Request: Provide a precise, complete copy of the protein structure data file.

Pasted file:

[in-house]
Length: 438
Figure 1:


[in-house]
Length: 438
Figure 1: